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If you’ve ever skimmed the Internet for resume examples, you’ll find dozens of samples ranging from very simple to very complex. With so many different options and choices, it can be overwhelming trying to decide exactly how to set up your own resume. Do you stick with black and white or add a splash of color? Should you use columns to get everything to fit on one page? Are graphs a better visual representation of your skills or accomplishments?

While job seekers have had success using a wide range of resumes, there is also significant variation in their individual situations. What works for one person may not work for another. When it comes to formatting your resume, here are a few rules of thumb to keep in mind:

  • Images

Leave images off of your resume. Whether this means your headshot has to go, or the screen grab you did of the company logo or an example of a project you completed, you’re better off sticking with text only. Many ATS strip away images all together or cannot read the text contained within the image. That means an employer may miss out on important information.

  • Text Boxes

Speaking of text, avoid text boxes as well. Instead, use indents, tabs, and other formatting tools to organize text how you want it to look. Just like images, text boxes are not always read well by ATS either and can become sloppy on your resume if they get altered without you realizing it.

  • Headers/Footers

It can be tempting to save space by putting all of your contact information in the header or footer of your resume. After all, it shows up on every page, right? Sort of. Yes, it does repeat on each page and save space, but ATS often do not read headers and footers. They focus on the content within the main section of the page. This means that an employer may receive your resume with little to no information about who you are or how to contact you.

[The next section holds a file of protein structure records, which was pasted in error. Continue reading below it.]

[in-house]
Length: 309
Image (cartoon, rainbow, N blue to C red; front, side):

• Graphs/Charts

It may look awesome to have charts displaying your proficiency with different technology or how much you increased revenue growth, but, once again, these components are not always ATS-friendly. Much like images, text boxes, and headers/footers, they may be stripped away. Incorporate this information throughout the text of your resume instead. You can make specific bullet points highlighting your achievements.

  • Fancy Fonts

Stick with the basics. The more abstract you go with the font, the more difficult it can be for ATS to clearly read it. It can be hard for human eyes to decipher as well. Choose something simple and straight-forward like Calibri, Cambria, or Helvetica.